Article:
In a world where Samsung and Apple dominate the smartphone sphere, and multi-billion dollar companies like Sony, LG, and Motorola struggle to maintain single-digit market share, it's rather easy to convince yourself that real innovation and excellence costs lots of money. And, as an extension of that thought process, that there's little reason to look outside the current crop of popular phone makers.
But you'd be wrong.
Known mostly in the United States for its Blu-ray players (yes, really), Oppo is a Chinese electronics maker that is easily ignored.
Republic Wireless just announced a new offer for those who have been considering the switch, but aren't willing to spend $250 for a Motorola Defy XT. Beginning today, the company has two options: buy the Defy XT for the existing price and pay $19 a month for service, or pay $99 for the phone and $29 monthly for the plan. Unlike traditional carriers that subsidize the prices of phones and lock you into a contract, however, there is no contract with Republic.
If you missed the HTC One launch yesterday, you could just check our HTC One section and read up about the company's latest phone. Or, you could watch the entire unveiling in crisp 720p on YouTube, as recorded in London yesterday, with more Zoes and BlinkFeeds than you can shake a BoomSound at.
Alternatively, if you're short on time, just watch the 4:37 highlights video:
Here's a list of some of our coverage, as well, to give you the full One experience:
Until now, the visual interface of Google's Project Glass has basically been a mystery. And since Glass was announced, there has been one, basic question asked by nearly everyone regarding the project: How's it work?
Well, today Google posted a video montage of Project Glass in action, complete with an apparently functional user interface, and it is amazing. I'm not going to spoil it for you - just watch the clip.
Don't you just love these trickle updates? Little update here, little update there – but never anything major. It's all the excitement of getting an OTA, with none of the benefit! And that's what today's T-Mobile One S update is all about: security enhancements. That's it. Nothing more.
In order to pull the update, you'll need to meet the normal requirements: stock, unrooted system, at least 50% battery, blah blah blah.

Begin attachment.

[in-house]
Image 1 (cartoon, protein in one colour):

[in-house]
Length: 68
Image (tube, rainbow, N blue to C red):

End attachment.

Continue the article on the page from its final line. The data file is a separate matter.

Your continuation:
Google's Matias Duarte elicited some knowing chuckles when he revealed the existence of a wireless charging orb shortly before the Nexus 4 launched. Duarte came over to Google from Palm, which developed a similar accessory for the Pre called the Touchstone. The Nexus 4 Orb took its sweet time showing up in the Play Store, but it's finally on sale for $60.
Is there any universe in which spending that kind of cash on a phone charger is reasonable?
Since my introduction to Android (a la Nexus One), I've owned three HTC devices. I've reviewed probably a half-dozen others. I liked some of them, and I disliked others. But generally, I consider myself an HTC fan, especially since the One X.
The new One phone sounds brilliant. Ron's early impressions are promising. The initial response at large seems to be that HTC is finally being bold in a way that's causing people to take notice, by taking risks.
HTC may not be too terribly specific about when it intends to release its newest flagship, aside from a vague March-ish timeline, but Vodafone and Clove are more than happy to fill in the blank space: March 15th is the date. At least if you're in the UK, looking to get this piece of hardware on Vodafone, or order from Clove.
Not only does Clove's ordering site indicate this as the date the first shipments should come in, but Vodafone confirmed the date in a statement to AP.
HTC this morning officially unveiled its new flagship for 2013: the HTC One. So far, we've posted the full specs, our hands-on, and the list of carriers in the U.S. and Canada, but if you live outside those territories, you might be wondering exactly which carriers and major retailers to visit to pick up the One when it becomes available in March.
We've got the current list, courtesy of HTC, right below.